Graduation is here – what’s in your future? |

Graduation is here – what’s in your future?

Lynn Gordon
for Tri-State Livestock News
Lynn Gordon, SDSU Ag Leadership Specialist/Assistant Professor

Graduation time is here. South Dakota State University (SDSU) graduation is May 9 and many high school graduations will fill May. It’s an exciting time of year for college graduates as they venture out into the ‘real world,’ as we often say, to begin their career and high school graduates will soon be embarking on their next step — higher education. Universities today offer numerous educational tracks — the next generation has a lot of options to choose from.

At SDSU, one of those educational tracks is Agricultural Leadership. I am fortunate a portion of my role with SDSU is to teach and advise students enrolling in the Agricultural Leadership bachelors program. Since it is a relatively new major at SDSU, I often receive questions from students (and parents) asking: ‘What does the Agricultural Leadership program offer?’ ‘What type of career could I anticipate?’ ‘Is the program flexible so I can focus on a specific area of agriculture?’ This column will address these questions.

Developing future leaders

Dr. Brad Lubben, Agricultural Economist, University of Nebraska – Lincoln, recently wrote in Nebraska Farmer magazine, “Developing leaders is key to ag policy.” Lubben explained many agricultural meetings or organizations focus on key policy issues. He said, “For all the focus on key policy issues, it is not as much about the issue of the day, but the development of industry leaders who can work on issues and communicate those issues to members, industry, leaders, policymakers, consumers and general public.”

The agricultural industry is facing a time where leaders are needed to help make key decisions in regard to government policy and regulations, change, new technologies and the ability to communicate with people both inside and outside of agriculture. Leadership classes at SDSU allow students to fine-tune their leadership skills by learning how to work with people, build teams, develop decision making skills, understand change, apply elements to real-world situations, become a strong communicator and achieve excellent writing and speaking skills.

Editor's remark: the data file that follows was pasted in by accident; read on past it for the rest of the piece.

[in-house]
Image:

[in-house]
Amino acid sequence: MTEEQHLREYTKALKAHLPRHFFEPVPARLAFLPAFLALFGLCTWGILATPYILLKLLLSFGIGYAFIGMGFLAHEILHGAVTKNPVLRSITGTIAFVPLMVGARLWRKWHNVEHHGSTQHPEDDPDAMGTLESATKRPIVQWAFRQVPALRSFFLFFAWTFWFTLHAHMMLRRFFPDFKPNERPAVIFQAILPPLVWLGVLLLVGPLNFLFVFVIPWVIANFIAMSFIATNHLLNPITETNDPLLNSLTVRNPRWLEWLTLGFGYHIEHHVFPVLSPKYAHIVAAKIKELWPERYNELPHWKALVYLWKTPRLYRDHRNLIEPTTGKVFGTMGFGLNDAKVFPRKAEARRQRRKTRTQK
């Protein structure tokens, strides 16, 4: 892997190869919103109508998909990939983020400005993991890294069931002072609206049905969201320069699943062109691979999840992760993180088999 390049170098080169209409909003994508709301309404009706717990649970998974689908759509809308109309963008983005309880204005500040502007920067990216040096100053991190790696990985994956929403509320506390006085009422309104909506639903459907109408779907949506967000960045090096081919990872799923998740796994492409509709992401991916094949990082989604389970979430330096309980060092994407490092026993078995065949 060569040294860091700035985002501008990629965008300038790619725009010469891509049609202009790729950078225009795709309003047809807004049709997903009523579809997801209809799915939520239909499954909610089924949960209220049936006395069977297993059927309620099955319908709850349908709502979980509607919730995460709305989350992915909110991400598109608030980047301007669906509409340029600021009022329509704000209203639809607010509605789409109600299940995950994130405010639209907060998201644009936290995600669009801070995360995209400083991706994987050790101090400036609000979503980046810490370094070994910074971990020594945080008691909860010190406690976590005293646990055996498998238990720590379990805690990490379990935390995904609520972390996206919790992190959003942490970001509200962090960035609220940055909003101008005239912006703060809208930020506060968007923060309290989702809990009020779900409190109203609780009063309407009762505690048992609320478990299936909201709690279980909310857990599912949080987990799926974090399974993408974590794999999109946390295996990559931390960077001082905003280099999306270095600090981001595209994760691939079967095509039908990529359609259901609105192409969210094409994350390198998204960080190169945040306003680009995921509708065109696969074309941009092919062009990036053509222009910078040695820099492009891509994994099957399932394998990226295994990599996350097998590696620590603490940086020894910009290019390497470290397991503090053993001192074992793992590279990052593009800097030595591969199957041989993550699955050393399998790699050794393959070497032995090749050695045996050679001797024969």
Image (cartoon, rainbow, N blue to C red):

The SDSU Agricultural Leadership major consists of core leadership coursework and the opportunity for students to select additional coursework from whichever agricultural focus they are most interested in. Students can take a higher concentration of agricultural classes in areas such as in agronomy, animal science, dairy science or agricultural economics, for example. As a result they complete their degree with depth in leadership and depth in a core area of agriculture.

Open doors to careers

Students like, Colee Jennissen, Dassel, MN., chose to double major in Agricultural Leadership and Agronomy during her college tenure. She says, “I feel like my majors complement each other. I started as an Agricultural Leadership major, hoping to gain the skills I needed to manage sales teams or agronomists,” however, Jennissen says, “since I do not have a farm background, I knew that having agronomic knowledge would validate myself in the industry, and give me the confidence to make leadership decisions.”

Another student Wyatt Johnson says, “At the end of my freshman year, I switched my major to Agricultural Leadership because it was flexible and allowed me to pick the agriculture classes I was most interested in — Range Science and Animal Science, and also achieve a minor in these specific areas. The Agricultural Leadership program can be appealing to anyone looking to be involved within any aspect of agriculture,” he says. Johnson intends to use his degree to follow his passion for production agriculture, and hopefully be the next generation of his family’s beef cattle operation near Midland, S.D.

Having an Agricultural Leadership major can open doors to a wide array of professional careers. Options include: middle management positions within agricultural corporations, business or industry; leadership roles in non-profit organizations or associations; government agencies; international companies; farming or ranching, or sales. In today’s competitive marketplace, skills and content taught in a leadership program will benefit students in pursuing their personal and professional goals and the industry with building a foundation of strong leaders.

For more information about SDSU’s Agricultural Leadership bachelor’s degree program contact

B. Lynn Gordon is an SDSU Extension Ag Leadership Specialist.

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